Saturday, May 29, 2010

New Video From Kalash!

Yeah. Curious that they chose this one as the second single from Kalash's debut self title album, but they did and I actually like the tune a bit more after going through the video. Check it out.

Friday, May 28, 2010

The Vault Reviews: "Comin' 4 You" by Elephant Man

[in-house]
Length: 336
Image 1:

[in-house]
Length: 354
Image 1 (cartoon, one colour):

I’m always pretty perturbed by the kind of ‘backlash’ certain artists seem to receive from the Reggae & Dancehall community once they’ve attained a distinct level of international popularity. In some cases - In many cases - it almost seems like many fans, and myself definitely included at times in the past, would like the music to retain much the kind of ‘regional’ historical and current statuses which it has enjoyed instead of spreading to audiences who may not even be able to appreciate it as we do. For me personally, however, that unfortunate regret was always for selfish reasons (so the music would not end up diluted which tends to happen quite frequently) and NEVER because I had some rising problem with the artist. ‘Exhibit A’ is definitely Sean Paul who many hardcore Dancehall fans seemed to collectively turn their backs on after he dropped ‘Gimmi Di Light’. I’ve always contended that it was actually that backlash which pushed tunes like Beenie Man’s ‘Toy Friend’ and ‘Press Trigger’ from Mad Cobra (get well soon) to even bigger heights and made Sizzla’s ‘Pump Up’ even that much more controversial - Almost as if it were like ‘because the rest of the world is focusing on ‘Gimmi Di Light’, we’re going to hype up these tunes instead - as they all rode the same now immortal Buzz Riddim. Sean Paul has received, and continues to receive, so much flak as an artist for his progress and it’s really a damn shame because I STILL and WILL STILL on the day I die contend that his debut album, ‘Stage One’, is one of the greatest Dancehall albums of all time. EVER. And while you may not see it consistently these days, that kind of monotonous (in a good way) SKILL is still there, he’s still an excellent and world class DJ in my opinion. Beenie Man has also received quite a bit of backlash as an artist for his more global musical exploits. Beenie’s situation is different, however, but his status amongst the hardcore heads is pretty much unquestionable at this point and Sean Paul hadn’t achieved that type of standing at the time when the ‘light’ came on. Mavado similarly got such bad reviews just last year when he decided to tell us just how special he was and don’t even get me started on Shaggy who kind of exists in this bubble outside of the genre of music that he makes because he just so happens to have sold ten million albums or so. There have been curious exceptions such as Wayne Wonder (in whose case, I believe the fact that he wasn’t THE most active of artists helped him) and [Baby] Cham whose rise to international prominence included arguably one of the greatest Dancehall songs ever made and thus made hating him for it VERY hard.